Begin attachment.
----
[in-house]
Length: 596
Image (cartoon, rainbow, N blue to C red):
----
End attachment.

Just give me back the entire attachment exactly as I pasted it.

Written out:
[in-house]
Length: 596
Image (cartoon, rainbow, N blue to C red):